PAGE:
Heartbreak for mothers waiting years for children’s Malaysian citizenship

Ongoing story of hardship:

Malaysian mothers have waited years to see if the Malaysian government would recognise their children born overseas as citizens.

Unlike Malaysian fathers who can pass on their citizenship almost automatically to their children born overseas to foreigner mothers, Malaysian mothers may only pass on their citizenship automatically to their children if they are born in Malaysia, based on the Federal Constitution.

Could this problem be solved by having the Malaysian mothers fly back to Malaysia just to give birth here?

It is not that easy as some pregnant mothers may not be able to fly for health reasons, or may not even know that their children born abroad would face rejection for their citizenship applications made under Article 15(2) of the Federal Constitution.

The High Court in September 2021 decided in a lawsuit that the Federal Constitution should be interpreted to enable Malaysian mothers to pass on their citizenship to their children born overseas. They would be able to use the same Article 14 provisions that Malaysian men have been using to automatically pass on citizenship to their overseas-born children.

The government has appealed to the Court of Appeal, which decided in December that the High Court’s decision remains effective even while waiting for the appeal to be decided. This allowed Malaysian mothers to start applying under Article 14.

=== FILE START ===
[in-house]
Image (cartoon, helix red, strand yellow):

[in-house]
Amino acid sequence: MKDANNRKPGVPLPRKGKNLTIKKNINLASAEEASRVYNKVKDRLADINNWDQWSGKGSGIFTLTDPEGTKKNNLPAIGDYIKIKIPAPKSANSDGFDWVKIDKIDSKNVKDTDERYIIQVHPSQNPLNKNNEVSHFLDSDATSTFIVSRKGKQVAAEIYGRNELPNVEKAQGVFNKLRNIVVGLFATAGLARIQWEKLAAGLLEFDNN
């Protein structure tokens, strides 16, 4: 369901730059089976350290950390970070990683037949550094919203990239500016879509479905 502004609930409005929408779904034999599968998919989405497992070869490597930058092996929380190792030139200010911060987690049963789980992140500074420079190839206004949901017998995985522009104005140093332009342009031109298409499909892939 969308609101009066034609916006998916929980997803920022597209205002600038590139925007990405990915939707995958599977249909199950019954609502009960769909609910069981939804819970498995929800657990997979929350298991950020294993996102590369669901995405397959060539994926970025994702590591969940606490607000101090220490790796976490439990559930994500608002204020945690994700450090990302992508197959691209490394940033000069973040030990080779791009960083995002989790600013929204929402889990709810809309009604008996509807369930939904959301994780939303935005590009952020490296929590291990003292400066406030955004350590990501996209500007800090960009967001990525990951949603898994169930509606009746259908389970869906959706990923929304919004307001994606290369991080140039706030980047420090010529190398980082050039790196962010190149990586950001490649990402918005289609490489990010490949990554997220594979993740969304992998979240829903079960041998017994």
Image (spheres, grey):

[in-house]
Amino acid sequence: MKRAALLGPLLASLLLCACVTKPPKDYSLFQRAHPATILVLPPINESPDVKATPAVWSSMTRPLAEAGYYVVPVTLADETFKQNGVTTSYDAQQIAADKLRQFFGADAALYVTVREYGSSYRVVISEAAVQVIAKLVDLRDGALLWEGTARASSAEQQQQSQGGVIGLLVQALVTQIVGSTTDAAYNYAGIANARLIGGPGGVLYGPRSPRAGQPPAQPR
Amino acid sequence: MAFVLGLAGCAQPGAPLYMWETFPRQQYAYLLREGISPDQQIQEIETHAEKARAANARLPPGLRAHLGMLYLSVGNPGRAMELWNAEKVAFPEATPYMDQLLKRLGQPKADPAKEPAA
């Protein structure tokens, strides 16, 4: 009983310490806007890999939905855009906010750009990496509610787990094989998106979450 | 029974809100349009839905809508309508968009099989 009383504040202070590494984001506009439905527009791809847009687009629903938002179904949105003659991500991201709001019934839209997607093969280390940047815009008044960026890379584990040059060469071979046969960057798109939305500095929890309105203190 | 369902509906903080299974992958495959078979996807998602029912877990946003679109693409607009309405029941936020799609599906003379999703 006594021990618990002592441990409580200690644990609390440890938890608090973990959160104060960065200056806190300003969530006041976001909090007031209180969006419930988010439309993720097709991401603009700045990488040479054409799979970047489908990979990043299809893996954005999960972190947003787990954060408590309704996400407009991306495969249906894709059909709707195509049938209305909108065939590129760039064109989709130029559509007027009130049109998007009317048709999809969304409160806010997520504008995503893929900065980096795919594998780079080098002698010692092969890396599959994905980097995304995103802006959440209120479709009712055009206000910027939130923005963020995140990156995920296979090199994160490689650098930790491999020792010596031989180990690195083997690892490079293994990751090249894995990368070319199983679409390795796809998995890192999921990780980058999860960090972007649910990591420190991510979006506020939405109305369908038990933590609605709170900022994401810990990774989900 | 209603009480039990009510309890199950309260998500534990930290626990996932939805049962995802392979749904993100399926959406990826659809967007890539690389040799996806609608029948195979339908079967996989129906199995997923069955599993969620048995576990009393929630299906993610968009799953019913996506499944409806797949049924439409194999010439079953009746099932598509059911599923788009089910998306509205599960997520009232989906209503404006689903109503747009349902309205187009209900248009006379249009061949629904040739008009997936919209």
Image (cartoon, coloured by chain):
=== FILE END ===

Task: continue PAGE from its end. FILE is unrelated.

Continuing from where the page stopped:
The Court of Appeal was initially due to decide today on the government’s appeal, but it is understood that it will be for further hearing of constitutional issues instead.

There are at least 70 Malaysian mothers who have applied under Article 14, but only the six Malaysian mothers in the lawsuit received a positive response from the National Registration Department (NRD) which recorded their overseas-born children as citizens.

Here’s the experience of some of the Malaysian mothers who spoke to the Malay Mail, when met recently after they went to the NRD in Putrajaya to check on the latest status of their child’s citizenship applications. They were generally told that their latest citizenship application under Article 14 would take six months to process.

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Source: Heartbreak for mothers waiting years for children’s Malaysian citizenship

About Andrew
Andrew blogs and tweets public policy issues, particularly the relationship between the political and bureaucratic levels, citizenship and multiculturalism. His latest book, Policy Arrogance or Innocent Bias, recounts his experience as a senior public servant in this area.

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